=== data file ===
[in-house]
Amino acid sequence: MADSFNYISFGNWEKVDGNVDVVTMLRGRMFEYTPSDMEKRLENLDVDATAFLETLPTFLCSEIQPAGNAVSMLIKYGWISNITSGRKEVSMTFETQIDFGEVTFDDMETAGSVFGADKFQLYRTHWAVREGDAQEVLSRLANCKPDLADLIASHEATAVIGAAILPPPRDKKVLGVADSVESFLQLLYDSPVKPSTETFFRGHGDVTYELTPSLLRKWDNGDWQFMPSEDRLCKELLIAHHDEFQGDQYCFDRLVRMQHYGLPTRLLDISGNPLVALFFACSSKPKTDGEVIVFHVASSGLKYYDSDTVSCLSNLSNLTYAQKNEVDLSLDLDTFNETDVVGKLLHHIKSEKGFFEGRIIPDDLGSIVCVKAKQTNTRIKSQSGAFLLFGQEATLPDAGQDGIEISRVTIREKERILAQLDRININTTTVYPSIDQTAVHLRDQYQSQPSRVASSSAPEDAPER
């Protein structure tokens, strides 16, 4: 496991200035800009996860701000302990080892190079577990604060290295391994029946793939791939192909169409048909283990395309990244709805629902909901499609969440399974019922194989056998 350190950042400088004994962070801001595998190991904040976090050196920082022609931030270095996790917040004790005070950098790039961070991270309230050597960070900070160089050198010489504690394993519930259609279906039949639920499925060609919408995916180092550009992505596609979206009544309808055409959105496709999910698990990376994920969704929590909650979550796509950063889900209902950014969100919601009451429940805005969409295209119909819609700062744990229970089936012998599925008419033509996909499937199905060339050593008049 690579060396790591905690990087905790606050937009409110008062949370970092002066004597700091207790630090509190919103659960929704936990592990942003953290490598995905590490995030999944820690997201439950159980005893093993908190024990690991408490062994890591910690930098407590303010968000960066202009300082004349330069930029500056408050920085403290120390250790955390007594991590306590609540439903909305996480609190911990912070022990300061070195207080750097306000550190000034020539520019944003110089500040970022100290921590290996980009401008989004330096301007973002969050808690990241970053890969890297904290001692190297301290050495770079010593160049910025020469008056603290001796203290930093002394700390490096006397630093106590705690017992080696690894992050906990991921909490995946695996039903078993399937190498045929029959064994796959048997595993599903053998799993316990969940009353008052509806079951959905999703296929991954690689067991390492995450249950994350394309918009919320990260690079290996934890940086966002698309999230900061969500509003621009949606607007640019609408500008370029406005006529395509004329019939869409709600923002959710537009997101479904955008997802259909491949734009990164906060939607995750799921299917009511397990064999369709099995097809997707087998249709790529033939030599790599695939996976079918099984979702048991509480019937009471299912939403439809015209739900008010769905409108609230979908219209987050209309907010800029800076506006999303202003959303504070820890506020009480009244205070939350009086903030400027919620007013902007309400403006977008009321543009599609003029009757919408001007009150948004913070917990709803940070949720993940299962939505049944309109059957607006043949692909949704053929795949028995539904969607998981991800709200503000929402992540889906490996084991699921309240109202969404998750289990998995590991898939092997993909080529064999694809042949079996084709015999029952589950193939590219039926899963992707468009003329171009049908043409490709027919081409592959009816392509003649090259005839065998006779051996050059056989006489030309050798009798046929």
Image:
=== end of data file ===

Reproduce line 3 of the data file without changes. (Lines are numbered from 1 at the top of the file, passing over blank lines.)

């Protein structure tokens, strides 16, 4: 496991200035800009996860701000302990080892190079577990604060290295391994029946793939791939192909169409048909283990395309990244709805629902909901499609969440399974019922194989056998 350190950042400088004994962070801001595998190991904040976090050196920082022609931030270095996790917040004790005070950098790039961070991270309230050597960070900070160089050198010489504690394993519930259609279906039949639920499925060609919408995916180092550009992505596609979206009544309808055409959105496709999910698990990376994920969704929590909650979550796509950063889900209902950014969100919601009451429940805005969409295209119909819609700062744990229970089936012998599925008419033509996909499937199905060339050593008049 690579060396790591905690990087905790606050937009409110008062949370970092002066004597700091207790630090509190919103659960929704936990592990942003953290490598995905590490995030999944820690997201439950159980005893093993908190024990690991408490062994890591910690930098407590303010968000960066202009300082004349330069930029500056408050920085403290120390250790955390007594991590306590609540439903909305996480609190911990912070022990300061070195207080750097306000550190000034020539520019944003110089500040970022100290921590290996980009401008989004330096301007973002969050808690990241970053890969890297904290001692190297301290050495770079010593160049910025020469008056603290001796203290930093002394700390490096006397630093106590705690017992080696690894992050906990991921909490995946695996039903078993399937190498045929029959064994796959048997595993599903053998799993316990969940009353008052509806079951959905999703296929991954690689067991390492995450249950994350394309918009919320990260690079290996934890940086966002698309999230900061969500509003621009949606607007640019609408500008370029406005006529395509004329019939869409709600923002959710537009997101479904955008997802259909491949734009990164906060939607995750799921299917009511397990064999369709099995097809997707087998249709790529033939030599790599695939996976079918099984979702048991509480019937009471299912939403439809015209739900008010769905409108609230979908219209987050209309907010800029800076506006999303202003959303504070820890506020009480009244205070939350009086903030400027919620007013902007309400403006977008009321543009599609003029009757919408001007009150948004913070917990709803940070949720993940299962939505049944309109059957607006043949692909949704053929795949028995539904969607998981991800709200503000929402992540889906490996084991699921309240109202969404998750289990998995590991898939092997993909080529064999694809042949079996084709015999029952589950193939590219039926899963992707468009003329171009049908043409490709027919081409592959009816392509003649090259005839065998006779051996050059056989006489030309050798009798046929």